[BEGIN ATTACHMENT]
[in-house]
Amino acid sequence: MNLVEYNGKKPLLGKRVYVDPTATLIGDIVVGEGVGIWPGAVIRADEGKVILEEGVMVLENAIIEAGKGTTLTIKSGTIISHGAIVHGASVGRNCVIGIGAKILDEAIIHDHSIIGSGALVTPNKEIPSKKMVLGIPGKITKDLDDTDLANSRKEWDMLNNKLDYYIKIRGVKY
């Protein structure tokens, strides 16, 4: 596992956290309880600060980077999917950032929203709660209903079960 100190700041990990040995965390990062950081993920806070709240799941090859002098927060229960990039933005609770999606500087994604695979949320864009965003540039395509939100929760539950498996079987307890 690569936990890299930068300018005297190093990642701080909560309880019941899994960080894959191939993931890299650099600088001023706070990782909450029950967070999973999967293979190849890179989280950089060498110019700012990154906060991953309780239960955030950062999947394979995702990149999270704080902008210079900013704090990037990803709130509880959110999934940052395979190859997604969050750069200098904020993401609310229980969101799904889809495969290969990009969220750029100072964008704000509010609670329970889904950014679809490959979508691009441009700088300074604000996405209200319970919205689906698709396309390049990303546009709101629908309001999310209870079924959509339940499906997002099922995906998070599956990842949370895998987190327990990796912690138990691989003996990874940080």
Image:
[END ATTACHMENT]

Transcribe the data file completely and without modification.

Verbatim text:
[in-house]
Amino acid sequence: MNLVEYNGKKPLLGKRVYVDPTATLIGDIVVGEGVGIWPGAVIRADEGKVILEEGVMVLENAIIEAGKGTTLTIKSGTIISHGAIVHGASVGRNCVIGIGAKILDEAIIHDHSIIGSGALVTPNKEIPSKKMVLGIPGKITKDLDDTDLANSRKEWDMLNNKLDYYIKIRGVKY
């Protein structure tokens, strides 16, 4: 596992956290309880600060980077999917950032929203709660209903079960 100190700041990990040995965390990062950081993920806070709240799941090859002098927060229960990039933005609770999606500087994604695979949320864009965003540039395509939100929760539950498996079987307890 690569936990890299930068300018005297190093990642701080909560309880019941899994960080894959191939993931890299650099600088001023706070990782909450029950967070999973999967293979190849890179989280950089060498110019700012990154906060991953309780239960955030950062999947394979995702990149999270704080902008210079900013704090990037990803709130509880959110999934940052395979190859997604969050750069200098904020993401609310229980969101799904889809495969290969990009969220750029100072964008704000509010609670329970889904950014679809490959979508691009441009700088300074604000996405209200319970919205689906698709396309390049990303546009709101629908309001999310209870079924959509339940499906997002099922995906998070599956990842949370895998987190327990990796912690138990691989003996990874940080």
Image: